a painting technique for adding a layer of broken, speckled, scratchy
color over another color. Bits of the lower layer(s) of color show
through the scumbling. The result gives a sense of depth and color
variation to an area.
can be done with opaque or transparent colors, but the effect is
greater with an opaque color and with a light color over a dark. When
you look at it from a distance the colors mix
close you'll see the brushwork and texture in the scumbled layer.
can scumble with a brush or a crumpled-up cloth (if you've ever done
decorating paint effects, you'll recognize it's a bit like
sponge painting a wall, on
a small scale). The key is to use a dry
cloth) and very little paint. It's far better to have to go over an
area again than start with too much paint.
your dry brush into a bit of paint, then dab it on a cloth to remove
most of the paint. It helps if the paint is stiff rather than fluid,
because it doesn't spread as easily when you put brush to canvas. Try
to keep the brush hairs relatively dry, rather than soaking up
moisture from fluid paint. If your brush is very moist, hold a cloth
around the hairs at the ferrule
rather than at the toe.
This will help pull moisture out of the brush without removing the
of the technique as rubbing the last little bits of paint from the
brush onto the painting, leaving behind fragments of color. (Or if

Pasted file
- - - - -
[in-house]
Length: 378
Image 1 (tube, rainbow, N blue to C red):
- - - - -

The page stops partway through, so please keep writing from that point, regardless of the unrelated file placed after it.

you like being vigorous, think of it as scrubbing at a painting with
a not-quite-clean brush.) You're working on the very top surface of
the painting, the top ridges of the paint or the tops of the canvas
fibers. You're not trying to fill in every little piece.
use your best brushes for scumbling as you'll most likely push hard
on it and flatted the hairs at some stage. Either buy a cheap,
stiff-hair brush that you sacrifice for scumbling, or use an old,
is a technique where the paint is being sprayed or flicked onto the
surface of a painting using either a paint brush, toothbrush or a
The way the
artist apply the paint is to carefully hit or the brush (which
contains paint) with a stick or another object so small droplets of
paint are spread all over the painting surface.
can be done on any paint surface with both white and coloured ground.
Layers of paint can Â“spatteredÂ” on top of each other in
different colors to create unique marbling or stone effects.